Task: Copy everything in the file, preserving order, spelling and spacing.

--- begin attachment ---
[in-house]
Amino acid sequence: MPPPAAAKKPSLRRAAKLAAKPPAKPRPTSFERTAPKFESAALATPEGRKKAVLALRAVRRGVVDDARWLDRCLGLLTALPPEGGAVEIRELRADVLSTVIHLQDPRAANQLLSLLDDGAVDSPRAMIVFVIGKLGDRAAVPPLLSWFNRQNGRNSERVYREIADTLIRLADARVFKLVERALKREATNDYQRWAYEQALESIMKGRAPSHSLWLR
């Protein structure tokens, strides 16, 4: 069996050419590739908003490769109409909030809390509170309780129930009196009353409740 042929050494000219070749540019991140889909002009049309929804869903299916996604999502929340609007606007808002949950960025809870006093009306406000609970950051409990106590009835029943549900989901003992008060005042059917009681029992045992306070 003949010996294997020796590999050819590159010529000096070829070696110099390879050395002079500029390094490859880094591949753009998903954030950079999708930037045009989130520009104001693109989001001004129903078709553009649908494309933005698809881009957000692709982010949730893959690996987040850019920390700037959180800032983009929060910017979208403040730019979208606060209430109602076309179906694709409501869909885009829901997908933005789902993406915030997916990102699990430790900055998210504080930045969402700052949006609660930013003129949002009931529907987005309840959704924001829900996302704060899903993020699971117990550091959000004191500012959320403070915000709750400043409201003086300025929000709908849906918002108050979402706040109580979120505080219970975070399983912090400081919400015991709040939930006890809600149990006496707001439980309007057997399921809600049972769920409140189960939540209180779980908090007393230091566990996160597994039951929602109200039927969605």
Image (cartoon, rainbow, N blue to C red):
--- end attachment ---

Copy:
[in-house]
Amino acid sequence: MPPPAAAKKPSLRRAAKLAAKPPAKPRPTSFERTAPKFESAALATPEGRKKAVLALRAVRRGVVDDARWLDRCLGLLTALPPEGGAVEIRELRADVLSTVIHLQDPRAANQLLSLLDDGAVDSPRAMIVFVIGKLGDRAAVPPLLSWFNRQNGRNSERVYREIADTLIRLADARVFKLVERALKREATNDYQRWAYEQALESIMKGRAPSHSLWLR
């Protein structure tokens, strides 16, 4: 069996050419590739908003490769109409909030809390509170309780129930009196009353409740 042929050494000219070749540019991140889909002009049309929804869903299916996604999502929340609007606007808002949950960025809870006093009306406000609970950051409990106590009835029943549900989901003992008060005042059917009681029992045992306070 003949010996294997020796590999050819590159010529000096070829070696110099390879050395002079500029390094490859880094591949753009998903954030950079999708930037045009989130520009104001693109989001001004129903078709553009649908494309933005698809881009957000692709982010949730893959690996987040850019920390700037959180800032983009929060910017979208403040730019979208606060209430109602076309179906694709409501869909885009829901997908933005789902993406915030997916990102699990430790900055998210504080930045969402700052949006609660930013003129949002009931529907987005309840959704924001829900996302704060899903993020699971117990550091959000004191500012959320403070915000709750400043409201003086300025929000709908849906918002108050979402706040109580979120505080219970975070399983912090400081919400015991709040939930006890809600149990006496707001439980309007057997399921809600049972769920409140189960939540209180779980908090007393230091566990996160597994039951929602109200039927969605």
Image (cartoon, rainbow, N blue to C red):